For love of the game: High school coaches do their best to avoid burnout

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For love of the game: High school coaches do their best to avoid burnout

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For love of the game: High school coaches do their best to avoid burnout

Reed Tyriver works 60 to 70 hours each week during the winter, making a little extra money to help support a growing family. There are some long and lonely nights, and sometimes all he gets is second-guessed or criticized.

But he keeps coming back every year. He loves his job, even if sometimes it’s easy to question why.

Tyriver is a high school basketball coach.

The leader of the Oshkosh Lourdes girls team wakes up at 6 a.m. He takes his two young children to day care and arrives for his teaching job at the school by 7:30. He teaches most of the day, slipping in some film work if he somehow has time during his prep periods.

If there is an early practice, he stays afterward to watch more film for an hour or two a couple of nights a week or travels to scout a game. If there’s a late practice, he first will watch film and do individual workouts with players. When there is a road game, he’s not arriving home until 10:30 or 11 p.m.

Tyriver, who also is an assistant athletic director at Lourdes, has been coaching in some capacity at the school since 2007. He was an assistant softball coach from 2007-09, an assistant basketball coach from 2007-14 and the head coach the past four seasons. He also was baseball coach from 2009-16.

Tyriver hasn’t experienced warning signs of burnout yet — they can include fatigue and a loss of passion — but he understands how it happens and why a growing number of his colleagues walk away to lead less hectic lifestyles.

“It’s definitely tough,” he said. “If I am going to coach, I want to be able to give 100 percent of myself to do it; where I’m feeling I’m giving the girls what they should be getting from a high school coach, if not more. But at the same time, being a husband and those kinds of things.”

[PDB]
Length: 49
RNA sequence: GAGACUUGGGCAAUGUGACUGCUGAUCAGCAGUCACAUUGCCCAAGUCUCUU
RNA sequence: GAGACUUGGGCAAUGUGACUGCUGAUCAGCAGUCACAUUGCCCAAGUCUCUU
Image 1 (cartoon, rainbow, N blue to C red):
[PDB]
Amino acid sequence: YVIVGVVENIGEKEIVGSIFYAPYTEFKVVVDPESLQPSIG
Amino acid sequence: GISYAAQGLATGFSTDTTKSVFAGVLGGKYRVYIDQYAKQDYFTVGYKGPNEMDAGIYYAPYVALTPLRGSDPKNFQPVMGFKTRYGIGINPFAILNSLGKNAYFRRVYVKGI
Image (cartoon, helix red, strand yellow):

Even when the season is over, the work is not.

Tyriver finds himself competing with club sports for attention. Within a week after the basketball season, he’s attempting to figure out dates for summer league and tournaments. If he doesn’t do it quickly enough, it starts to conflict with club volleyball or travel soccer, and he ends up struggling to get enough players to attend. He must make decisions early and get the information to parents to mark on their calendars.

“The club stuff has made it really difficult to get kids to fully commit to their school sports,” he said. “Where all of a sudden — I saw it in baseball a little bit, in AAU basketball — there are girls at Lourdes who should be playing basketball and they are not. They are playing club volleyball.

“That could be frustrating at times, so I can see how somebody would just be like, ‘You know what? I’m not getting the commitment level from the school and the kids here, why am I going to bust my hump and put in those 60 to 70 hours?’ I wouldn’t feel I’m doing justice to my kids if I wasn’t doing all the things I do.”

Read the rest of the story in the Green Bay Press Gazette

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For love of the game: High school coaches do their best to avoid burnout
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